Since January of 2017, Lake County Sheriff’s Corrections Officers prevented the 60th inmate from committing self-harm while in custody. On November 25, 2017, Corrections Officers intervened when a 36 year-old female inmate was striking her head against a wall, in an attempt to harm herself. Corrections Officers entered the inmate’s cell and prevented her from further harming herself. Following the incident, a suicide prevention protocol was initiated for the inmate
In the last five years, corrections officers intervened over 240 times preventing inmates from harming themselves, which includes stopping over 150 suicide attempts.
The Lake County Jail operates a direct supervision facility which consists of one officer supervising up to a 60-person housing unit. This allows inmates the ability to socialize and interact with one another, as long as the rules are followed.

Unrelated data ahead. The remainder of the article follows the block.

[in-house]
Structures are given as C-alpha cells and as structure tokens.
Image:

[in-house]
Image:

Direct supervision principals result in a well-run, safe and secure jail. The Lake County Jail provides structure for inmates to live in a clean, humane atmosphere, while providing safety and security for inmates and staff.
Sheriff Mark Curran said, “These statistics prove just how prevalent mental illness is in a correctional setting. From the time an inmate enters our facility to the time they are released, protocols are in place to prevent inmates from harming themselves or others; while our broad programming aims at reducing recidivism by utilizing cognitive behavior therapy, identifying risky behaviors, and linking inmates with resources they need for successful reentry into the community.”